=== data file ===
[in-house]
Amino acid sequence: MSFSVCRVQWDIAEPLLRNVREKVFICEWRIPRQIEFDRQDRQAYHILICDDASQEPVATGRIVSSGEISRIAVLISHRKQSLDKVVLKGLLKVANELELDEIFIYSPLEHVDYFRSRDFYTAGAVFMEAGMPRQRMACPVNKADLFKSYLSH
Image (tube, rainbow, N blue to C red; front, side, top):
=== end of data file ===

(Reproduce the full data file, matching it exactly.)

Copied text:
[in-house]
Amino acid sequence: MSFSVCRVQWDIAEPLLRNVREKVFICEWRIPRQIEFDRQDRQAYHILICDDASQEPVATGRIVSSGEISRIAVLISHRKQSLDKVVLKGLLKVANELELDEIFIYSPLEHVDYFRSRDFYTAGAVFMEAGMPRQRMACPVNKADLFKSYLSH
Image (tube, rainbow, N blue to C red; front, side, top):